Show us you care by protecting us from infection, say protesting nurses
May 12 is a day nurses are supposed to celebrate as the world marks International Nurses’ Day, but some nurses in the Western Cape said there was nothing to be happy about while they risk their lives on the Covid-19 frontline.
More than 100 healthcare workers at Tygerberg Hospital - including nurses, porters and general workers - disrupted the event of the day, in which provincial health MEC Nomafrench Mbombo was due to address them.
Instead, they demonstrated outside the hospital to highlight their plight during the Covid-19 pandemic, and to grieve the death of their colleague, Ntombizakithi Ngidi, who died at the weekend.
Despite being at the coalface of Covid-19 fight, many said they didn’t feel appreciated and Nurses’ Day had become “meaningless to us”.
They alleged that despite several staff members testing positive for Covid-19, hospital management has failed to deep-clean wards where staff work, or close the wards and isolate those who had worked with Covid-19 victims.
Some claimed that despite Ngidi reporting ill and with symptoms of the virus, her nursing manager allegedly told her to continue working and to wear a mask.
Ngidi, who succumbed to Covid-19 on Friday, is the second nurse to die from Covid-19.
Mbombo confirmed on Tuesday that about 200 healthcare workers have tested positive for Covid-19, and half of those are nurses. It is believed 11 of the nurses who have tested positive for Covid-19 are at the Khayelitsha community health centre (CHC).
In a statement, Tygerberg Hospital said it recognised that its employees may experience fear and anxiety following the recent death of a nurse due to Covid-19.
“During this period, the hospital management would like to unequivocally assure employees that it is committed to ensuring maximum protection for all against the spread of the coronavirus. The safety of our staff is of utmost importance, which is why we have spent a lot of time consulting employees and union representatives about various concerns raised by staff. Senior management have committed to a partnership to engage shop stewards to collectively address these concerns.”
Among the protestors was nurse Nkadi Notyela, who joined the demonstration to show her frustration with lack of personal protective equipment (PPE) for healthcare workers at the hospital. She said despite being vulnerable to Covid-19 infection on a daily basis, she had to work.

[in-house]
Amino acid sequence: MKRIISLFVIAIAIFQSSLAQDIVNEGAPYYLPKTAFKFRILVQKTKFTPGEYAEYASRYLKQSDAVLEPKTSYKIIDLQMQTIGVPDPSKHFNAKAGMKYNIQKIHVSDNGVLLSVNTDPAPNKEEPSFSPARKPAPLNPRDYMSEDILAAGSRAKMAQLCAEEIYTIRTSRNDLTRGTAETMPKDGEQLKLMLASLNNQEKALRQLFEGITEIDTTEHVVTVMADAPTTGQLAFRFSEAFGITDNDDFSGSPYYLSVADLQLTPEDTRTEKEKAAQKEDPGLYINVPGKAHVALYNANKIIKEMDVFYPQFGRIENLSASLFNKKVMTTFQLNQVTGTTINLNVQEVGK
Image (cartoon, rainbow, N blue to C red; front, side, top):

“I don’t feel appreciated.. Some of us are bread-winners. We are here because we need to survive, but the day is meaningless to us. We are not treated as nurses at all,” she said to cheers from protesters who flanked her.
Amina Pinto, a nurse at Tygerberg Hopsital and chairperson of the Democratic Nursing Organisation of SA (Denosa), said nurses were in grieving mode because of neglect from management.
“We are grieving the death of our fellow members. We feel neglected as there is not enough PPE to protect nurses and not enough transport for nurses. More and more nurses are infected. My deputy is also laying here in hospital, positive for Covid-19. Wards are not being closed. We feel that if there are five or six people who have tested positive in a ward , the ward should be closed,” she said.
The ANC Youth League in Khayelitsha has called for the immediate closure of the Khayelitsha CHC, alleging the facility could be contributing to the high number of Covid-19 cases in the township.
The league’s coordinator, Olwethu Tetyana, said: “The department of health must set up a proper plan for these facilities to ensure both staff and patients are safe.
“A health facility can never be a contributory factor to the spread of the virus, unless we are agreeing that there is either poor management in the facility or government authorities are unable to enforce decisions and regulations set out to guide the entire country in trying to curb the spread of the coronavirus."
Nehawu deputy secretary Emilia Maloi said despite almost 100 nurses having tested positive for Covid-19 in the Western Cape and several in intensive care units, the Western Cape health department had been tight-lipped about the extent of Covid-19 cases among health workers.
“As labour, we have not been engaged on how the pandemic has affected healthcare workers. We get to hear which healthcare workers have Covid-19 in the corridors,” she said.
Maloi said the union was also aware of threats of disciplinary action or dismissal of staff who dare question non-compliance with Covid-19 regulations by management.
“We know of cases where staff who work in non-Covid-19 wards had been asked to assist in dedicated Covid-19 wards. We fear this may cause cross-contamination as there is higher risk of infection in those wards which may be brought in into non-Covid-19 wards,” she said.
Danver Roman, provincial secretary of Denosa in the Western Cape, said healthcare workers who had tested positive for Covid-19 had been warned “not to tell their colleagues they are positive”.
“If indeed it is so, we think this is the worst form of recklessness by managers as they are not only putting staff at risk of infection, but are risking the lives of their patients," he said.
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